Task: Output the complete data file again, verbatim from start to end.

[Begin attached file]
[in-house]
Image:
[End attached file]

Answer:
[in-house]
Image: